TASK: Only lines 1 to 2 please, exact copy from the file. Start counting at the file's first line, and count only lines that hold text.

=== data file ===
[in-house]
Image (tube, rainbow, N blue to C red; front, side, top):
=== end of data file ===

[in-house]
Image (tube, rainbow, N blue to C red; front, side, top):